The steep drop in coal usage in the U.S., and slow-down in other countries, has implications for much of the transport system, especially for the rail sector, responsible for moving most of it around in the U.S. In the last post, the initial trends and implications of decreasing coal usage were discussed, in this post we delve deeper into the underlying data.

While spending on freight rail infrastructure is up year-to-year – as well as increases in efficiency due to lighter-weight rail cars – coal exports are down. From a peak in 2012, “... U.S. coal exports to China were just 1.6 million tons [in 2014], a miniscule fraction of China’s coal consumption,” according to a 2015 report by the American Association of Railroads.

Looking at the average transportation cost of coal, it went from 18.71 dollars per ton in 2008 to 21.24 dollars per ton in 2014, an increase of 14%. At the same time, coal traffic has come down year-to-year since a 2008 peak (see full data here).

Putting these numbers together, what do they mean? What do you make of them? (comments welcome below)

Despite decreasing coal usage and associated rail traffic, it is unlikely that passenger rail will gain priority as it has in Europe, here seen in London. Image credit: Macmillan Education.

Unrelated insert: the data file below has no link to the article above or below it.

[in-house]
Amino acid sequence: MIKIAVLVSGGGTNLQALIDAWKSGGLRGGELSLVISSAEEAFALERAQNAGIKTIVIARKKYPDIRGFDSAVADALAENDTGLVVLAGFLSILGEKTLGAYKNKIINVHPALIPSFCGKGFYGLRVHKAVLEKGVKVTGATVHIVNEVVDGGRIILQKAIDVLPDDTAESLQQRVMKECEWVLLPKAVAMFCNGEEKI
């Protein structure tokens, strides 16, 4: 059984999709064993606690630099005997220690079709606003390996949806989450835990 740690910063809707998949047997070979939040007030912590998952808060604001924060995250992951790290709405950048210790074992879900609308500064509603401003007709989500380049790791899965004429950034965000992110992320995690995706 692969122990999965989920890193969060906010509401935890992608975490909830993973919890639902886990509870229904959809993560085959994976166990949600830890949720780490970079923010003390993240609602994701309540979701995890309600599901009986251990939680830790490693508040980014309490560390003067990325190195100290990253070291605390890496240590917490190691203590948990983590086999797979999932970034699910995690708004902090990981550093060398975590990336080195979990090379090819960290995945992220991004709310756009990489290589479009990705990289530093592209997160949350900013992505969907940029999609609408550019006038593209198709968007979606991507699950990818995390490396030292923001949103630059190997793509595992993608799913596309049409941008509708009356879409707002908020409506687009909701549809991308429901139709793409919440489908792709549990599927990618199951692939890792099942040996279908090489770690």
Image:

What we do know, is that coal is a fundamental commodity for the rail sector, and in a 2015 U.S. DOE study, the future of the coal-rail nexus was examined in detail. The report found that while rail is paramount to coal (70% of coal is transported by rail, with 38.8% of rail tonnage being coal), coal itself “only” accounts for 20% of gross revenue (2013), which is certainly substantial, but might suggest increased hauling potential for other goods such as motor vehicles and chemicals.

It is probably too soon to tell, but if we expect a decrease in coal usage to automatically lead to a shifting of priority from freight-to-passenger rail in the U.S., we will be left holding our breath. This is not necessarily bad news either from an environmental perspective. While Europe, Indonesia, and others are struggling to move goods from truck-to-rail, the U.S. is in a good position in this sense.

As far as passenger rail goes, it is a different story. Some corridors will likely see relief for passenger rail from decreased infrastructure-intense coal rail traffic. But a large-scale shift from freight to passenger rail traffic is unlikely, mostly because high-speed passenger rail will arguably only make financial sense along high-density corridors where adequate investment and strong demand underpin it. Decreased coal usage will lead to a changed freight rail traffic system in the U.S., but it is more likely other goods will take its place, rather than people and priority for passenger rail.